Last updated on
Hey thanks for joining me! Today we’re going to take a look at HTML which is the language which all web pages are made from.
We’re going to actually build a simple web page in this tutorial but i’m going to warn you now – it won’t look pretty!
There will be several exercises in today’s tutorial so I would encourage you to follow along if you can. Programming / web development is definitely something that needs to be practiced.
So by the time we’ve finished the tutorial you will:
- have created your own web page
- know some of the most commonly used HTML tags
- be able to write a well-structured HTML page
- be able to link multiple pages together
WHAT IS HTML?
So I know you’ve probably heard of HTML before but just to clarify it stands for HyperText Markup Language and it’s not technically a programming language but more of a descriptive language which helps to describe what content can be found within a web page.
And that’s exactly what you do with HTML, you describe what headings, text, images, buttons, forms and many other elements are present on a particular web page.
For example on this particular page you are reading this on, there is a menu bar at the top, a large image with a big title and then of course these paragraphs of text.
All this has been written in HTML and your web browser, whether it’s Chrome, Firefox, Safari or Edge, will load the HTML and interpret it to display the page. It’s kinda the same as a pianist taking a piece of sheet music and playing the notes on the piano so you can hear the song or a baker following a recipe to bake you a rather delicious cake.
HTML is like cake.
A QUICK NOTE ON WEB BROWSERS
Taking the example of a baking a cake, you would expect every other baker to make the exact same cake right? Well, you would probably get a pretty similar cake but every baker has their own style and way of interpreting a recipe so no two bakers would bake the exact same cake.
This is exactly the same with browsers too!
They each have their own way of interpreting HTML and displaying the contents you put in a page.
For now, just be aware that if you use a different browser to Chrome (which is what I’m using for this tutorial) then the pages you create might look a little bit different.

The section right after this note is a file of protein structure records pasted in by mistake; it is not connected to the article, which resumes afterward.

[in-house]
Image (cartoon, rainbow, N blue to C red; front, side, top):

A web browser takes the HTML code you write and produces a web page from it. The technical term for this is parsing but you don’t really need to worry about that.
Just write some HTML code in a text file, open it up in your browser and let the browser do it’s magic. So let’s do just that…
EXERCISE: A QUICK DIP INTO HTML
Right, time to get started writing that web page. To get started really quickly, follow these steps:
- Open a text editor on your computer (Notepad on Windows or TextMate on Mac – not Microsoft Word!)
- Type the following lines into your file (you can copy and paste if you like):
<h1>My first webpage</h1> <p>I’m learning about HTML</p>
- Save the file to your desktop and name the file page1.html
- Double click the file from your desktop
- Behold the awesomeness of your first web page!
Remember that warning I gave at the start? Well yeah, I told you it wouldn’t look that great.
You have just taken your first step to learning the fundamentals of building web pages!
We’ll be looking at making your web page look a lot prettier in the Ultimate Beginner’s CSS Tutorial.
(If you didn’t get the result above, just let me know in the comments below and I’ll help you out).
So hopefully you can see what’s happened here:
- You have 2 lines of text “My first webpage” and “I’m learning about HTML”
- Each line is wrapped in what is referred to as an HTML tag
- The first line is bold and has a large font size because the <h1> tag tells the browser to interpret the content inside the tag as a level 1 heading
- The second line has a smaller font size and doesn’t stand out as much because we have told the browser to interpret that line as a paragraph of text by using a <p> tag
If you like you can try changing the text within the tags – the words displayed will change but the way the browser interprets and displays them will be the same.
OK, so we’ve made a start on your web page. What other tags are available?
SOME MORE HTML TAGS
As you’ll have probably noticed from using other websites there are usually more elements than just headings and paragraphs on a web page.
Before we look at some of the most commonly used tags, let’s just talk about the types of tags available.
Tags can either come as a pair of opening and closing tags e.g. <h1>Headings need to be opened and closed</h1>. With this pair formatting, it’s important to make sure that the closing tag is there – otherwise the browser won’t know when to stop treating your text as a heading.
Some tags don’t need a closing tag e.g. the <hr> tag which puts a horizontal rule on the page. These sorts of tags are said to be self-closing.